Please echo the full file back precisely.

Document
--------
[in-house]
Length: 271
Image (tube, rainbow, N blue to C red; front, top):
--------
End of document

[in-house]
Length: 271
Image (tube, rainbow, N blue to C red; front, top):